This season has shown a goatee-trimmed Matt Harrison and a confident Matt Harrison. Other than Colby Lewis, whose nickname is workhorse for a reason, no other Ranger has put in more innings pitched than the 4-year pro. He has made it through five innings (the usual amount of innings required for a starter to qualify for a win) every game except for May 2 when he struggled through 3.1 innings against the Toronto Blue Jays.

The past month has showcased an even sharper Matt Harrison, one that can stand tall right alongside some of the best in the league. Monday not only marked Harrison winning his fifth straight decision and fifth win in six starts but also tied him with New York Yankees’ pitchers C.C. Sabathia and Ivan Nova for most AL wins (9 wins). During this hot streak, Harrison has dropped his ERA from 5.21 to 3.41 while making it through at least seven innings four times and eight innings two times. He might not be a strikeout machine like Yu Darvish or Lewis, but he sure does his job – he always gives his team a chance to win the game.

Harri’s ability to consistently throw first-pitch strikes – 93 of 145 batters have faced this hole during his recent superior outings – has set him up perfectly and prevented men at the plate from having the ability to wait for the pitch they want. He often follows this up with either a solid sinker or cutter that hits the target. Since this organization decided to trade with the Atlanta Braves in 2008 up to this point, the Rangers have never seen their lefty pitcher like this.

This is the Matt Harrison we should now expect. Proclaiming him an elite MLB pitcher should start to become the norm as he continues to pitch exactly how he wants to night in and night out. Yes, other pitchers on this team are better at exciting the crowd, filling the seats or scaring the batter. However, if the Rangers find a way to buy into “three times the charm” this season and make it to the World Series, there will be a new and improved Matt Harrison for all to see.



*Joe Nathan has arrived and is here to stay. As the Rangers closer picked up his 14th save of the season, he achieved a provisional career-defining milestone. Nathan now holds the highest save percentage in MLB history (200 or more saves) as he passes Mariano Rivera, the best closer ever. Even though the Texas native had many critics early on questioning if his best days had passed, Nathan has finally settled down (his ERA has dropped from 9.00 on April 11 to 1.63) and looks to be one of the premiere closers in the game. His 33 strikeouts and 2 walks on the season speak for themselves. When Nolan Ryan brought in this pitcher that wanted to play in Arlington, this is exactly the type of productivity he expected. As stated earlier, if the Rangers make it to the World Series this year, Nathan will be a key, veteran component toward prohibiting this franchise from becoming the next Buffalo Bills.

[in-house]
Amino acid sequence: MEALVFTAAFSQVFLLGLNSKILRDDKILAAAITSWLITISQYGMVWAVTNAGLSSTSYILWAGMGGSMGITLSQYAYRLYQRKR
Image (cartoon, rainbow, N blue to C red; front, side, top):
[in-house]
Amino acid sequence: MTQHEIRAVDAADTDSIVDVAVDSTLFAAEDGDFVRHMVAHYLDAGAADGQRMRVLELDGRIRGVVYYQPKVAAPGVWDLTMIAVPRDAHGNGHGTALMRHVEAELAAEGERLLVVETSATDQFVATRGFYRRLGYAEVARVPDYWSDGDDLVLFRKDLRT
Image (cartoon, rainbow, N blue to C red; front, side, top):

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Next Up – Nathan

22 11 2011

Joe Nathan Minnesota Twins

Even though a lot of Rangers fans still have a bit of a World Series hangover and don’t want to talk about the team, General Manager Jon Daniels is already making moves for the future.

Minnesota Twins closer Joe Nathan was signed to a two-year, $14 million contract with the Rangers. There is an option for a third year worth $9 million.

Nathan went through a lot of ups and downs with the Twins. Because of the Tommy John Surgery he had to undergo in 2010, he was unable to pitch that entire season. After posting a 7.63 ERA in 15 1/3 innings through the first two months of the 2011 season, he lost his job and was placed on the disabled list because of a flexor muscle strain. When he came back from the injury, he had a solid 3.38 ERA and 28 strikeouts in 31 games. This strong finish to the 2011 season hopefully bodes well for the future of this 37-year-old.

Aside from all the statistics surrounding Nathan, there’s one thing about him that will definitely be a plus for the Rangers organization. Nathan has made it clear he wants to put on a Texas Rangers uniform. This deal is not solely about money or about how many years are on the contract; it is about one man’s desire to play for a team. As Richard Durrett from reported, Joe Nathan’s comment made it clear that he knew he wanted to be in Texas after only one dinner meeting with Rangers executives Nolan Ryan, Jon Daniels, Thad Levine, and Don Welke.

“I think we ate just about everything in that restaurant… we were there about four hours and I was completely comfortable. I knew I wanted to play here.”

This move will have a lot of consequences for the Rangers organization. Daniels and Washington have already made it clear that the signing of this veteran means current closer Neftali Feliz will move into the starting rotation. Since Feliz is moving into the starting lineup, the Rangers have six possible starters in C.J. Wilson (for now), Colby Lewis, Matt Harrison, Derek Holland, Alexi Ogando, and Neftali Feliz.

There are many different opinions about what the Rangers will now do with free agent C.J. Wilson. Some have pointed out that Wilson could still be re-signed as a starter and then Ogando could be moved back to his previous spot in the bullpen. However, I believe this is the closing chapter of C.J. Wilson with the Texas Rangers. Unlike Nathan, even though Wilson does have a laid back personality, he has never shown that much passion about being a Ranger. If you’re going to be the #1 pitcher for an MLB team, you should crave to pitch for that club every single night. (Just look at Justin Verlander of the Detroit Tigers for a prime example.) Furthermore, with his agent’s discussion of wanting to find a $100 million contract, money is obviously a large factor. With Feliz’s move to an already stable starting lineup, the Rangers are in a position where they don’t have to throw the big bucks at Christopher John.

Joe Nathan used to wear a jersey with #63 on the back and finished up his tenure with the Twins wearing #36. He has made it clear he would like to wear #36 if Wilson doesn’t return to Texas. I believe that will be his number on opening day of the 2012 season.